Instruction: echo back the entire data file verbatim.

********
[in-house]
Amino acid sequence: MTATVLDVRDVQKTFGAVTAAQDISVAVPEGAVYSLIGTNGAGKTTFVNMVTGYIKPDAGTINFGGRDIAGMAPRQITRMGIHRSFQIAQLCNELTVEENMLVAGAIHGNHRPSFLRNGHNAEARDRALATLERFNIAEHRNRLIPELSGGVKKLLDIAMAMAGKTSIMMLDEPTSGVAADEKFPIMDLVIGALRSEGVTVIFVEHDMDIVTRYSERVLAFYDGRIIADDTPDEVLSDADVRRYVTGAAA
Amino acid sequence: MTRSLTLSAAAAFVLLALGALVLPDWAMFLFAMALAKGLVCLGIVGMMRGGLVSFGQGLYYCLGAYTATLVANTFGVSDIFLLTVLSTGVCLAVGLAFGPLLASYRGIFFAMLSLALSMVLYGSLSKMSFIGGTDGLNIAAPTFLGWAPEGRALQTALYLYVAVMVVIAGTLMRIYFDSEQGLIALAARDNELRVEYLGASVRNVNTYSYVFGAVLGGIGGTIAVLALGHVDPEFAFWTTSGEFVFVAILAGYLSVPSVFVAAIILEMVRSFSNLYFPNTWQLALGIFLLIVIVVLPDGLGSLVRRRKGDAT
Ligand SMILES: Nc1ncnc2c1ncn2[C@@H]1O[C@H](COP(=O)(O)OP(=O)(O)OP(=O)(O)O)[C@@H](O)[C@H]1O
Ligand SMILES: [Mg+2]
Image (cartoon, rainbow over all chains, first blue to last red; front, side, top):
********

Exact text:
[in-house]
Amino acid sequence: MTATVLDVRDVQKTFGAVTAAQDISVAVPEGAVYSLIGTNGAGKTTFVNMVTGYIKPDAGTINFGGRDIAGMAPRQITRMGIHRSFQIAQLCNELTVEENMLVAGAIHGNHRPSFLRNGHNAEARDRALATLERFNIAEHRNRLIPELSGGVKKLLDIAMAMAGKTSIMMLDEPTSGVAADEKFPIMDLVIGALRSEGVTVIFVEHDMDIVTRYSERVLAFYDGRIIADDTPDEVLSDADVRRYVTGAAA
Amino acid sequence: MTRSLTLSAAAAFVLLALGALVLPDWAMFLFAMALAKGLVCLGIVGMMRGGLVSFGQGLYYCLGAYTATLVANTFGVSDIFLLTVLSTGVCLAVGLAFGPLLASYRGIFFAMLSLALSMVLYGSLSKMSFIGGTDGLNIAAPTFLGWAPEGRALQTALYLYVAVMVVIAGTLMRIYFDSEQGLIALAARDNELRVEYLGASVRNVNTYSYVFGAVLGGIGGTIAVLALGHVDPEFAFWTTSGEFVFVAILAGYLSVPSVFVAAIILEMVRSFSNLYFPNTWQLALGIFLLIVIVVLPDGLGSLVRRRKGDAT
Ligand SMILES: Nc1ncnc2c1ncn2[C@@H]1O[C@H](COP(=O)(O)OP(=O)(O)OP(=O)(O)O)[C@@H](O)[C@H]1O
Ligand SMILES: [Mg+2]
Image (cartoon, rainbow over all chains, first blue to last red; front, side, top):